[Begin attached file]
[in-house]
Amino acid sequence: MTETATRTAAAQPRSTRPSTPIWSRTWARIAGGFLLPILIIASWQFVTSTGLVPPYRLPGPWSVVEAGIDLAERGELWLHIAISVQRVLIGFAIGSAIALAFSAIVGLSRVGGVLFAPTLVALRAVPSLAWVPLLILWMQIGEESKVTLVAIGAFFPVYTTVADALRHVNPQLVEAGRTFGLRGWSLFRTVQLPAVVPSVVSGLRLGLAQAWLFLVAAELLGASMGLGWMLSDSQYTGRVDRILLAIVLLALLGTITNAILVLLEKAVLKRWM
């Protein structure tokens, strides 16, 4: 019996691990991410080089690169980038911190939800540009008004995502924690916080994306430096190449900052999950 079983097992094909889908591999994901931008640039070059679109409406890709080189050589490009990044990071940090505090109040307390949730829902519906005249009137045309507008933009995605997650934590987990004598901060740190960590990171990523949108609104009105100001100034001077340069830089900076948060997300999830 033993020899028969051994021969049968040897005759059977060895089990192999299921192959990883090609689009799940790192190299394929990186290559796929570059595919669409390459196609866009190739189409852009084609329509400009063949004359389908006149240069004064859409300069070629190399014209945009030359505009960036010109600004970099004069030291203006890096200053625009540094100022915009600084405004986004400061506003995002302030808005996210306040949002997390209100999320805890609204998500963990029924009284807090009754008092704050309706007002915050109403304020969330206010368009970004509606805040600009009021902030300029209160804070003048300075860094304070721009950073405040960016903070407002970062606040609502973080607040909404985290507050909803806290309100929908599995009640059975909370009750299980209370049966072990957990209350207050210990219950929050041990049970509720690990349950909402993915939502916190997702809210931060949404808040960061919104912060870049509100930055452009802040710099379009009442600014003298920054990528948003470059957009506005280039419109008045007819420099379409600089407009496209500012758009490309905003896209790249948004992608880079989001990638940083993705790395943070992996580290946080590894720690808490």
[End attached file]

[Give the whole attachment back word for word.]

[in-house]
Amino acid sequence: MTETATRTAAAQPRSTRPSTPIWSRTWARIAGGFLLPILIIASWQFVTSTGLVPPYRLPGPWSVVEAGIDLAERGELWLHIAISVQRVLIGFAIGSAIALAFSAIVGLSRVGGVLFAPTLVALRAVPSLAWVPLLILWMQIGEESKVTLVAIGAFFPVYTTVADALRHVNPQLVEAGRTFGLRGWSLFRTVQLPAVVPSVVSGLRLGLAQAWLFLVAAELLGASMGLGWMLSDSQYTGRVDRILLAIVLLALLGTITNAILVLLEKAVLKRWM
């Protein structure tokens, strides 16, 4: 019996691990991410080089690169980038911190939800540009008004995502924690916080994306430096190449900052999950 079983097992094909889908591999994901931008640039070059679109409406890709080189050589490009990044990071940090505090109040307390949730829902519906005249009137045309507008933009995605997650934590987990004598901060740190960590990171990523949108609104009105100001100034001077340069830089900076948060997300999830 033993020899028969051994021969049968040897005759059977060895089990192999299921192959990883090609689009799940790192190299394929990186290559796929570059595919669409390459196609866009190739189409852009084609329509400009063949004359389908006149240069004064859409300069070629190399014209945009030359505009960036010109600004970099004069030291203006890096200053625009540094100022915009600084405004986004400061506003995002302030808005996210306040949002997390209100999320805890609204998500963990029924009284807090009754008092704050309706007002915050109403304020969330206010368009970004509606805040600009009021902030300029209160804070003048300075860094304070721009950073405040960016903070407002970062606040609502973080607040909404985290507050909803806290309100929908599995009640059975909370009750299980209370049966072990957990209350207050210990219950929050041990049970509720690990349950909402993915939502916190997702809210931060949404808040960061919104912060870049509100930055452009802040710099379009009442600014003298920054990528948003470059957009506005280039419109008045007819420099379409600089407009496209500012758009490309905003896209790249948004992608880079989001990638940083993705790395943070992996580290946080590894720690808490």